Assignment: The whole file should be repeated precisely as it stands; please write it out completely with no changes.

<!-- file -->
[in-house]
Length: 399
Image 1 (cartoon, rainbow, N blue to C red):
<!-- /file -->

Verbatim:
[in-house]
Length: 399
Image 1 (cartoon, rainbow, N blue to C red):